LOS ANGELES (CBSLA.com) — The famous Petersen Automotive Museum is trimming its inventory of classic cars.
Many of the museum’s fleet of 400 famous vehicles are moving from the Miracle Mile showroom into private hands.
Terry Karges, director of the Petersen Museum, says there is a story behind every vehicle.
Karges proudly shows off Elvis Presley’s Pantera to KCAL9′s Bobby Kaple and explains why many of the famous cars are up for sale.
The Museum (6060 Wilshire Boulevard, 323-930-2277) has long showcased memorable vehicles — the Thunderbird from “Thelma & Louise,” as well as Grease Lightning from the movie “Grease” to name two of the most famous. They even have a Mercedes owned by Saddam Hussein.
The museum wants to bring in new inventory. “Those are the cars that we can either replace, or they are non essential,” says Karges.
LA Times blogger and longtime fan of the museum, Paul Whitfield, said he was terrified when he was told the museum was replacing their classic cars with French cars and motorcycles.
“You turn the corner and you see a car that maybe you read about when you were a kid in the 60s, [a car] that was in Motor Trend or Car & Driver. That I would hate to see them lose,” says Whitfield.
Karges insists there is no reason for alarm. Though there will be a few more motorcycles and French cars the focus will remain the same.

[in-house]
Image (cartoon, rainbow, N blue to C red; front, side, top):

“We are looking at doing a major upgrade from inside and out 0f the museum, transforming the museum. But [we] are not going away from out original mission,” says Karges.
Critics maintain the museum is losing too many of its Hollywood cars. Herbie of “The Love Bug” fame already went up on the auction block. Karges points out that the Shag mobile from the “Austin Powers” series is staying put.
“Hollywood cars would be something that we want to acquire more of,” said Karges.
In fact, Karges — who is in his first year on the job — says this is one of the reasons he opened up the classic cars to the public.
“We are not going to discontinue the LA car culture or the Southern California car culture. We will expand on it,” said Karges.